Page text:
In general, grating-based extreme ultraviolet/soft x-ray spectrometers have lower resolution at higher photon energies, which is disadvantageous to dense harmonics generated by long-wavelength drivers. Since the structure of the harmonics is not resolved in our experiment due to the resolution limit, as mentioned, numerical simulations are helpful to understand the detailed spectral and temporal structure of the experimentally generated soft x-ray pulses. Thus we have run a 3D propagation simulation [11,21] of HHG in Ar with the parameters given by the experimental condition. The recombination amplitude (or photo-recombination cross section) is considered in this simulation for accurate reconstruction of the spectral shape [11,22]. Figure 4 shows the simulated HH spectrum from Ar. The cut-off energy and the spectral shape are in excellent agreement with the experimental data shown in Fig. 3(a), while the simulation result shows the harmonic structure more clearly. The harmonic peaks in the plateau region are found to be not well defined, and they have moderate visibility (), indicating the contribution of multiple electron trajectories to HHG. The corresponding on-axis electric-field profile in the inset of Fig. 4 shows the generation of sub-fs harmonic pulses in each half-cycle. The peak of the driving 2.1 μm pulse is located at time , so most of the harmonic light is found to be generated in the leading edge of the driver pulse due to the phase-matching condition from the relatively high intensity of the driver pulse. This simulation reveals that we have experimentally produced soft x-ray attosecond pulse trains.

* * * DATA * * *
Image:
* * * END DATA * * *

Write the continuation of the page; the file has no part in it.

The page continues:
In summary, we developed a multi-mJ, kHz, 2.1 μm OPCPA system, pumped by a 42 mJ picosecond cryogenic Yb:YAG amplifier, and demonstrated high-flux soft x-ray HHG via cut-off extension to 190 eV in Ar and N2. We obtained over 1% bandwidth at 160 eV from Ar. Numerical simulations confirm the generation of soft x-ray attosecond pulse trains. This system is a promising light source for soft x-ray attosecond science as well as biological imaging applications. Further extension to the water-window region with high flux is possible using high-pressure Ne and He gas cells .
We acknowledge technical support and critical discussions with Drs. Darren Rand and Daniel Miller at MIT Lincoln Laboratory and contributions of Dr. Martin Smrz during his visit at MIT. This work was supported by AFOSR FA9550-12-1-0499, FA9550-12-1-0080, FA9550-13-1-0159, the Center for Free-Electron Laser Science, DESY, Hamburg, Germany, and the excellence cluster “The Hamburg Centre for Ultrafast Imaging—Structure, Dynamics and Control of Matter at the Atomic Scale” of the Deutsche Forschungsgemeinschaft. J. P. Siqueira acknowledges Fapesp for the funding support through the program BEPE, and C.-L. Chang acknowledges the National Science Council in Taiwan for the Postdoctoral Research Abroad Program NSC 102-2917-I-564-026.